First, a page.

Oxidative stress can result from depressed levels of antioxidant reserves or from too much stimulation. When nerve cells get overstimulated, they build up waste products and the energy-producing mitochondria become damaged. This is a “cellular death spiral”, because as soon as the mitochondria become damaged, the cell’s capability to metabolize fuel and produce energy is compromised, leading to more oxidative stress and further damage. This has been identified as part of the disease process in Alzheimer’s and Parkinson’s as well as ADHD and Autism. One of the problems that can promote Oxidative Stress is Inflammation.

Inflammation occurs when the immune system become too reactive and begins to attack tissue that is “self” and not “intruder/enemy”. Bifidobacteria are known for helping to dampen the immune inflammatory response, and a deficiency of Bifido contributes to inflammation. Again, inflammation is a key building block of…yes, all the same neurologic diseases. Low levels of Bifidobacteria and Lactobacillus are also significant because these organisms produce a neurotransmitter called Gamma Amino Butyric Acid or GABA.

GABA is an inhibitory neurotransmitter in the brain, and calming drugs or herbs often boost GABA levels. Valerian root or Valium (copycat drug companies, you know?) are good examples as is Kava Kava. Low levels of Lacto and Bifido gut bacteria result in low levels of GABA at the brain. Low levels of GABA at the brain result in less inhibition…ergo, more stimulation! And, the process continues in a positive feedback loop.

It is interesting to note that one intervention that helps elevate GABA and BDNF is exercise. Kids with ADHD are known for often being hyperkinetic, so if you wondered why, it is their brain’s way of balancing the equation to save nerve cells! When kids are reprimanded by teachers and parents are shamed into medicating their children’s “high energy”, it can be detrimental to the developmental process for this reason. This doesn’t mean that doing nothing is better, as a child must be able to focus in order to be able to learn. It just means that medicating their energy level down does not address the root causes of the problem.

So, what would be some natural interventions? First, improved nutrition. Any food that is causing more inflammation needs to be removed from the diet. Often that is sweets (note that Clostridia like sweets) and sometimes specific items such as gluten containing foods. Adding probiotics that contain the Lacto and Bifido organisms (in this patient example) can of course be helpful, but more so if they are also fed the prebiotic fibers that they need to survive (again, ideally this is case-specific). Both can be added to a fruit and vegetable smoothie that is tasty. Neuroprotective supplements such as N-Acetylcysteine will help to minimize the neuronal damage that is occurring. Also DHA/Omega-3 oils are neuroprotective and have been shown to help with ADHD. Curcumin can also reduce the neuroinflammation and is protective as well. It can also help settle gut function and heal the membranes of the intestines if they were inflamed too. Eating less processed food and more fresh (organic as possible) fruits and vegetables helps.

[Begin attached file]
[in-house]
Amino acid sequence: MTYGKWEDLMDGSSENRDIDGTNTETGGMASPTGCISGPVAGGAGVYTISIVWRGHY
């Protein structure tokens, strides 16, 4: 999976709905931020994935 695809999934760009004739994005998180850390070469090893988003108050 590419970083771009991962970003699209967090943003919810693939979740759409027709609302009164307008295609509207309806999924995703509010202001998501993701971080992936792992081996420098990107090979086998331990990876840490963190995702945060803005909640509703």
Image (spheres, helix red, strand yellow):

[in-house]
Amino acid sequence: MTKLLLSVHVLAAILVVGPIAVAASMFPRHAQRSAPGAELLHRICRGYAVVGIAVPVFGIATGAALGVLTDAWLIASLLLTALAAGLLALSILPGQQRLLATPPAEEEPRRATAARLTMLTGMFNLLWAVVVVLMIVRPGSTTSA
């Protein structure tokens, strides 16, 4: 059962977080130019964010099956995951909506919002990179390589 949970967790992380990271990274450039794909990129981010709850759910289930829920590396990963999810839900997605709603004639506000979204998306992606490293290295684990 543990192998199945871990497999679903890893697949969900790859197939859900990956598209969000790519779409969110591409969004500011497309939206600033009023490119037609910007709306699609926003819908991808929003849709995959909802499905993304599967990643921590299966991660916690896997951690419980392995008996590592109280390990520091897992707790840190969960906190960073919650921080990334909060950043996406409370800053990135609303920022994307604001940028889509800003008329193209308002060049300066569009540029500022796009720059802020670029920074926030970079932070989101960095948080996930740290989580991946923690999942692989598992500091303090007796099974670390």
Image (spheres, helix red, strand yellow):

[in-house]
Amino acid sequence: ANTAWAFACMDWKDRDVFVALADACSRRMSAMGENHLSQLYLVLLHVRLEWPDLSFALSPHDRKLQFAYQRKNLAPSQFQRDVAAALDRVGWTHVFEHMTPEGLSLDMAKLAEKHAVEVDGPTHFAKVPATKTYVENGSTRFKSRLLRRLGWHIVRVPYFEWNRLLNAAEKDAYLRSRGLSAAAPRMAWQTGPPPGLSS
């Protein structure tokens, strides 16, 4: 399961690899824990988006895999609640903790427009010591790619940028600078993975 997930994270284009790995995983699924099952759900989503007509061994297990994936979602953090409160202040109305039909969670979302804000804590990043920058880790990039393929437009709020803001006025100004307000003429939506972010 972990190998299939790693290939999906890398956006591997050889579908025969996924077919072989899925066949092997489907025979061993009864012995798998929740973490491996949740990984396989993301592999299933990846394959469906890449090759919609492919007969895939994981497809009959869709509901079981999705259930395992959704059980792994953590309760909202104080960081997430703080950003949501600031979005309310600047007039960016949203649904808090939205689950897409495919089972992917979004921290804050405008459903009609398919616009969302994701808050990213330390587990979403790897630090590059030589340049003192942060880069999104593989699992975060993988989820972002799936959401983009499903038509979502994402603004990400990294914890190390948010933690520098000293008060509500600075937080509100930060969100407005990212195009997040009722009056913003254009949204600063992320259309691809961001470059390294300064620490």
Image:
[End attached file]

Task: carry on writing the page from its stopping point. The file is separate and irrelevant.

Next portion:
All of these steps are best carried out after having a stool sample analyzed for gut bacteria. Only after seeing the “bacterial census” is it possible to be extremely specific. A different patient’s samples could result in different recommendations! Please contact me for more details should you wish to find out more or schedule an analysis. This does not have to be done locally, as I only need the data from uBiome and a patient questionnaire to determine recommendations. Some of the supplements recommended are not case-specific, such as NAC, DHA/Omega and Curcumin as these will help most types of situations as will a healthier diet. The probiotic formulation is ideally case-specific, as is the prebiotic fibers and these will preferentially feed some categories of organisms more than others.

With proper lab work and specific interventions, it is possible for many individuals with ADHD to control and manage their situation more effectively. For some, it will be more of a cure, with no medication needed. For others, it may mean less medication is needed or the medication works more effectively. It is important to realize that we are all different, and our situations are also different!

Sources for supplements: http://progressivelabs.com/   You’ll have to register to order from them, and it requires specifying who referred you. Please feel free to put my name on that line, and then you will be able to receive your supplements directly from the same manufacturer I use!

References: